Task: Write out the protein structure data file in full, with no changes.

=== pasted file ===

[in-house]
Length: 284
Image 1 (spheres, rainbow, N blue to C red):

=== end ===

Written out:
[in-house]
Length: 284
Image 1 (spheres, rainbow, N blue to C red):